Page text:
Accountants simply cannot wait for referral sources to contact them – they are the ones who have to actively build up their own network. No matter how sophisticated or outstanding a firm’s services are, people will not recommend them to others if they do not know about the firm.
In every industry, there are certain influential people who can be powerful market makers for you. Firms should research and identify the prominent decision makers in their local community and the industries they serve. The reference list should include clients, friends, bankers, solicitors, heads of professional associations, and those involved with specific industry groups.
Firms then need to plan the most effective means of getting them into their corner. Not surprisingly, these people can be difficult to contact. Firms need to be alert to opportunities to meet them, and seize them when they arise.
Even if a firm does meet with a referral source, one meeting is rarely sufficient to create a positive and lasting impression. Firms need to cultivate the relationship over time, by sending regular emails or letters (such as newsletters and various fliers), calling from time to time, or visiting their business. Ask if they will give out your literature with theirs. A co-ordinated program of mailings and personal contacts is essential for maintaining contact with your network.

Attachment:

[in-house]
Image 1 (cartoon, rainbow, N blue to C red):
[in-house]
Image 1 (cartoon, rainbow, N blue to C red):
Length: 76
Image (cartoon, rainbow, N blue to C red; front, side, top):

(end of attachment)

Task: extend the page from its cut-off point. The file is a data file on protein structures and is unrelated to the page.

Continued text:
Often referral sources have publications that would benefit from accounting related articles from a firm. Offer to write these articles at no charge. Freeing the referral from the responsibility of filling that space will help to get in front of his/her entire client/referral base.
Cultivating a referral source is effectively training an external salesperson – firms need to continuously educate him or her about the firm’s strengths and breadth of services. And do not forget to actually ask them for business! Don’t just promise to cross-refer business with them – rather suggest that you form strategic relationships.
Firm’s would do well not to forget to actually learn about their referral source. Referral sources are looking to firms not only for them to do a good job for their clients, but also, eventually, to refer business back to them. Firms need to know the same things about them that they have to know about the firm to refer.
Bear in mind that referral sources also have a reputation to protect. To begin with they are likely to be cautious about recommending a firm. They may be concerned that the firm will perform well for their clients, and the firm needs to reassure them that it will, and that it will be to the firm’s mutual advantage. For example, when in conversation with a banker emphasise all the possible ways they can benefit from an association with you. Explain that you will not charge the client for the initial consultation, you will involve the banker in planning meetings; and you will be able to alert him to potential problems.
By cultivating the people in the infrastructure in this way you influence their perception of your firm and increase the chances they will refer your services to others.